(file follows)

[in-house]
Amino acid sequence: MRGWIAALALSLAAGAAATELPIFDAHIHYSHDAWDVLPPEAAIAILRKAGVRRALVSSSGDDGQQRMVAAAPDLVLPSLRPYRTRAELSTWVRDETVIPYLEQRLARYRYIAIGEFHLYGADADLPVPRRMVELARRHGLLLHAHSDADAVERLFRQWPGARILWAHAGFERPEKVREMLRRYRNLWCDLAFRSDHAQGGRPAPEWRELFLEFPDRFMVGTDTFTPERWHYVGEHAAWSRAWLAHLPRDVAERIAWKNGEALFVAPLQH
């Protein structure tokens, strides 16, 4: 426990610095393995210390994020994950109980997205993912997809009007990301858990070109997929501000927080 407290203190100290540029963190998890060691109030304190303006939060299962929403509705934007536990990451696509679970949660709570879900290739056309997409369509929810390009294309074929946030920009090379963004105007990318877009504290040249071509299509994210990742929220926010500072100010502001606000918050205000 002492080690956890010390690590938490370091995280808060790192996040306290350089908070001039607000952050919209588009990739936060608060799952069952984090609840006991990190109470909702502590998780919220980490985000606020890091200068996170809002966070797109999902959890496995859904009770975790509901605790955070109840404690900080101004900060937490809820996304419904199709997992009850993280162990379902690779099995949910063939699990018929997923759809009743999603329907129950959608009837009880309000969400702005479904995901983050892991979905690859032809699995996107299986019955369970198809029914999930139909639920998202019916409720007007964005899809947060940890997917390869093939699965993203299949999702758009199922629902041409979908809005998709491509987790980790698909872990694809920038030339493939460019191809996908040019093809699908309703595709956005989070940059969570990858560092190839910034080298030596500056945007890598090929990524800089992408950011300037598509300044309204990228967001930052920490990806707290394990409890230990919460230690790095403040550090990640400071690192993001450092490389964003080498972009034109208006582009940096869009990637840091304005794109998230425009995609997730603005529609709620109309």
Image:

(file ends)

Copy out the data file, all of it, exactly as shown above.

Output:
[in-house]
Amino acid sequence: MRGWIAALALSLAAGAAATELPIFDAHIHYSHDAWDVLPPEAAIAILRKAGVRRALVSSSGDDGQQRMVAAAPDLVLPSLRPYRTRAELSTWVRDETVIPYLEQRLARYRYIAIGEFHLYGADADLPVPRRMVELARRHGLLLHAHSDADAVERLFRQWPGARILWAHAGFERPEKVREMLRRYRNLWCDLAFRSDHAQGGRPAPEWRELFLEFPDRFMVGTDTFTPERWHYVGEHAAWSRAWLAHLPRDVAERIAWKNGEALFVAPLQH
């Protein structure tokens, strides 16, 4: 426990610095393995210390994020994950109980997205993912997809009007990301858990070109997929501000927080 407290203190100290540029963190998890060691109030304190303006939060299962929403509705934007536990990451696509679970949660709570879900290739056309997409369509929810390009294309074929946030920009090379963004105007990318877009504290040249071509299509994210990742929220926010500072100010502001606000918050205000 002492080690956890010390690590938490370091995280808060790192996040306290350089908070001039607000952050919209588009990739936060608060799952069952984090609840006991990190109470909702502590998780919220980490985000606020890091200068996170809002966070797109999902959890496995859904009770975790509901605790955070109840404690900080101004900060937490809820996304419904199709997992009850993280162990379902690779099995949910063939699990018929997923759809009743999603329907129950959608009837009880309000969400702005479904995901983050892991979905690859032809699995996107299986019955369970198809029914999930139909639920998202019916409720007007964005899809947060940890997917390869093939699965993203299949999702758009199922629902041409979908809005998709491509987790980790698909872990694809920038030339493939460019191809996908040019093809699908309703595709956005989070940059969570990858560092190839910034080298030596500056945007890598090929990524800089992408950011300037598509300044309204990228967001930052920490990806707290394990409890230990919460230690790095403040550090990640400071690192993001450092490389964003080498972009034109208006582009940096869009990637840091304005794109998230425009995609997730603005529609709620109309």
Image: